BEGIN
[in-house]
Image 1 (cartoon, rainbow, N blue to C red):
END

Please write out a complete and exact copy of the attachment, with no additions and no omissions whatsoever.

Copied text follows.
[in-house]
Image 1 (cartoon, rainbow, N blue to C red):